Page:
Go to the End and Count Back Three, if You See Consonant + LE

The syllable pattern in REVLOC is is a departure from the Vowel-Consontant-Vowel patterns. This one is Consonant+LE. It is the L in REVLOC.

If you have not read the post on REVLOC, please read it and come back.

When you have a word with a Consonant+LE at the end, count back three letters, then divide the word. Consontant + LE is ALWAYS at the end of the word.

The C+LE endings are:
• ble
• dle
• fle
• gle
• kle
• tle
• zle
• ple

They are pronounced as:
• ble = b’l (as in bubble)
• dle = d’l (as in idle)
• fle = f’l (as in ruffle)
• gle = g’l (as in giggle)
• kle = k’l (as in pickle)
• tle = t’l (as in turtle)
• zle = z’l (as in sizzle)
• ple = p’l (as in people)

Within this syllable division type there are different kinds of words.

One, when the middle consonant is doubled.

For example: Cuddle, sniffle


Or, when there is a consonant you can hear.

For example: shingle, tangle, purple


Or, when there is a ck inside the word.

For example: crackle, fickle, freckle, pickle

In this case, when dividing the word, you DO break up the CK.


So, to actually divide a word, it would look like this:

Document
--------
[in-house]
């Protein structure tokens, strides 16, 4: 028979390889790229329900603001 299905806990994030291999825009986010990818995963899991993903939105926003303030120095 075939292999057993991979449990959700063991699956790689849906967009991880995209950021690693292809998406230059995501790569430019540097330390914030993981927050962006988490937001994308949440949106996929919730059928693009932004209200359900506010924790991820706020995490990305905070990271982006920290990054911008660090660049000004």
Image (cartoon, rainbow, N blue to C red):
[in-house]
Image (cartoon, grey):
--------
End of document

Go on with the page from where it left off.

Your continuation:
• Cuddle (Oh! I see a C+LE!) I go to the end, count back three, and divide

Cud (closed syllable or C) dle (Cons. + LE or L)

• Purple (I see C+LE at the end!) go to the end, count back three, and divide

Pur (r-controlled or R) ple (Cons. +LE or L)

• Crackle (I see C+LE at the end! But oh no, there’s CK and I have been told to leave blends and digraphs together. RULE: In cons. + LE you are allowed to break up the CK)

Crac (Closed or C) kle (Cons. +LE or L)


Here is a worksheet to try. It asks that the student write the sound of each Consonant + LE syllable just like the list I wrote above. Not sure why this is coming out sideways, but on my computer it is right side up. Please use your viewing program to turn it or comment to me to send it to you personally.

cons + le worksheet

(2) Comments

  1. OK. You know I love your blog. But I need some guidance. I homeschool. My oldest is on her way, doing great. I know what to do. My 7 year old seems to not get it. Could be age, but I also suspect some spelling challenges genetics from her Dad. I love this Orton Gillingham you are presenting. Is there a book I can follow/buy? Or can you suggest if there is an sequence order to your site–for example if I start back at the beginning of your archives, can I print your posts and use those as guidance for teaching. Any suggestions? She is an AWESOME decoder. She is very poor at encoding. I’ve used Explode the Code, Spelling Workout, Rod and Staff and worksheets I pull off the web to help.

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